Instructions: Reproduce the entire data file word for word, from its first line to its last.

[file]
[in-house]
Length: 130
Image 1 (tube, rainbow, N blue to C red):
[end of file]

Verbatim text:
[in-house]
Length: 130
Image 1 (tube, rainbow, N blue to C red):